It’s the City of Sails, which says it all really. The Maritime Industry Association illustrated the point rather well, revealing in 2006 that the city, which has hosted two America ‘s Cups and seven stopovers in this race’s history, is home to 135,000 “proper boats” and 60,500 yachtsmen. In context, the city’s population is a shade more than 1.3 million, supporting the popular feeling that Auckland is the sailing capital of the world.
The city’s geography and climate make it the perfect spot for sailing, while the great bars, restaurants and atmosphere do little to deter the salty sea hounds. In short, a wonderful place that is sure to be welcomed back to the fold by the race’s huge Kiwi contingent (not least because it avoids a re-run of the China-Brazil leg).
For fans chasing a little more diversity in their sport, the cricket and rugby scene here is also healthy. The race’s visit coincides with the southern hemisphere’s Super 14 season, arguably the world’s best rugby union club competition in which one of the city’s teams, the Blues, are typically among the strongest taking part.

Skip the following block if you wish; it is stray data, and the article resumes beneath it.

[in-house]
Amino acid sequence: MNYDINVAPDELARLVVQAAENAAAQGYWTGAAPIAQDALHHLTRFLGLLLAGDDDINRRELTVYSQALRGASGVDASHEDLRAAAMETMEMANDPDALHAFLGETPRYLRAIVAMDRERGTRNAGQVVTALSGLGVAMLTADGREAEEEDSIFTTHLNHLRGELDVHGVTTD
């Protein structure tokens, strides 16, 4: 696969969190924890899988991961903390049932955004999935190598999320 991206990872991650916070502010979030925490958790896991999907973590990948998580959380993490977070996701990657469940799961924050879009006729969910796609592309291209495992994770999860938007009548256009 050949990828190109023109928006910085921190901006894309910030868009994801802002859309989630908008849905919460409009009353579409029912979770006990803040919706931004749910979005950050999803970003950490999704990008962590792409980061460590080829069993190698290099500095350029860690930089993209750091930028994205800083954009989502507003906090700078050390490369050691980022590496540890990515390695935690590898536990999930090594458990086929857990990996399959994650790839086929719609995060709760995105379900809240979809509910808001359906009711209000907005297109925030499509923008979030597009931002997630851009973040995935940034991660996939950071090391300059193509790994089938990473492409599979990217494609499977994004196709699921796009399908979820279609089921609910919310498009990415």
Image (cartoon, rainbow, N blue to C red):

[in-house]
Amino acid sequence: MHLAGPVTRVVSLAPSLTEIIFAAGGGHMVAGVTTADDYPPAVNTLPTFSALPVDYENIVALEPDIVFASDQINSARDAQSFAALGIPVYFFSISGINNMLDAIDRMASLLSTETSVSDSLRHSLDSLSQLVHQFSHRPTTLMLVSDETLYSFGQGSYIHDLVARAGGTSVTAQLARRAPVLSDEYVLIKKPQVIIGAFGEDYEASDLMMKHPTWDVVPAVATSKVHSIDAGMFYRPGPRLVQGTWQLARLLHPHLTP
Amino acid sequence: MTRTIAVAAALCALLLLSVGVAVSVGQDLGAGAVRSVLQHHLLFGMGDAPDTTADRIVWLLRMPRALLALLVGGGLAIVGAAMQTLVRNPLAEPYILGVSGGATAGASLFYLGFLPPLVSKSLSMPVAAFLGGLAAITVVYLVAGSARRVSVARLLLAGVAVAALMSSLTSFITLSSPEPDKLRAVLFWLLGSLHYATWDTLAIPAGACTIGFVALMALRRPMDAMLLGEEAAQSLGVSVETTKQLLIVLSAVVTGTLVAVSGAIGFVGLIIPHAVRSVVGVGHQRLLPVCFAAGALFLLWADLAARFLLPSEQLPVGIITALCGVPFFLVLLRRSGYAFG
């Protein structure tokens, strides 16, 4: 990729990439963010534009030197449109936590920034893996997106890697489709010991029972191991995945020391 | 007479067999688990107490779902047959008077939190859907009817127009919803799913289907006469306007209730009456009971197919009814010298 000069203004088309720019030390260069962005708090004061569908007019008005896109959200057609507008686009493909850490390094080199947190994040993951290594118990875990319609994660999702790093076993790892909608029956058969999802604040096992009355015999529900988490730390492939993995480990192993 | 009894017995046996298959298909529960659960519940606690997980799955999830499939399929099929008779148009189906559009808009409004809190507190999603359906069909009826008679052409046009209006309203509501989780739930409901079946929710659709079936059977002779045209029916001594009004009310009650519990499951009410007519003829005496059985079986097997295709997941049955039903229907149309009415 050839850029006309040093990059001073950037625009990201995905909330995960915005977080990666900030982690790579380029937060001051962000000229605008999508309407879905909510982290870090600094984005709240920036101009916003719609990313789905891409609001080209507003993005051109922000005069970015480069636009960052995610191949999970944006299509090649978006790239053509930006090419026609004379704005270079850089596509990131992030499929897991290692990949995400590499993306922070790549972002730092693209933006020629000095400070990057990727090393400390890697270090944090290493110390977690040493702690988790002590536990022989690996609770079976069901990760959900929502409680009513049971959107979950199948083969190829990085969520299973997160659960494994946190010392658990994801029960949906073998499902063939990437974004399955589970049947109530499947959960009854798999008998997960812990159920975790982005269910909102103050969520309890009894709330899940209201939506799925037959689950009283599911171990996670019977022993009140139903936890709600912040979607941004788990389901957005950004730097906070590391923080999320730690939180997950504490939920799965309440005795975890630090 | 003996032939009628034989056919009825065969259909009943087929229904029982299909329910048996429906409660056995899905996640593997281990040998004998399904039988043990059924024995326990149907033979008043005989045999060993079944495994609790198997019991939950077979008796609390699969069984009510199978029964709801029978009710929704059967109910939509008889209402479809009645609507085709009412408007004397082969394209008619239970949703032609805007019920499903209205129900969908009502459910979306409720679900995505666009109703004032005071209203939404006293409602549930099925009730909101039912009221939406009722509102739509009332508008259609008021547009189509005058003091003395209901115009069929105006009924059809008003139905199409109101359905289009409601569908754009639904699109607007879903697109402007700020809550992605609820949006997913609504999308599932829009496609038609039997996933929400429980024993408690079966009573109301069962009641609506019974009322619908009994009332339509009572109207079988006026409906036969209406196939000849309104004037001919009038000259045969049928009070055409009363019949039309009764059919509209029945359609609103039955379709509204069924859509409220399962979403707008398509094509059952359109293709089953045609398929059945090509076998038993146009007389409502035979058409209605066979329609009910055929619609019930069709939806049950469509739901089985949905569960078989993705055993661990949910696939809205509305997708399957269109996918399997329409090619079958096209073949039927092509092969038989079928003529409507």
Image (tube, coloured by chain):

The stopover will also overlap with the Round the Bays Fun Run, which is an 8.4-kilometre dash that follows the contours of Auckland ‘s Waitemata Harbour and finishes on the waterfront at St Heliers Bay. Running is a pretty dull way to pass the time but the sight of 70,000 others doing it is quite spectacular.
There are many more non-sporting components that give Auckland its appeal. In 2009 the Mercer Quality of Living Survey ranked the city fourth in the world, while The Economist’s World’s Most Livable Cities list also put Auckland in its top 10. As a cultural venture, a trip to Auckland is also very worthwhile. It is the multi-cultural hub of New Zealand, with Maori, Pacific Islander and Asian communities added to a core of European descendants and the largest Polynesian population in the world.
Statistics aside, the city, and country as a whole, is made up of beautiful scenery. You will never take better photographs.
Did you know: In 2006, the New Zealand Herald conducted a survey in response to the Chamber of Commerce’s claim that the “City of Sails” slogan did not represent the region. Of 400 people polled 92% insisted that the slogan should not be changed.
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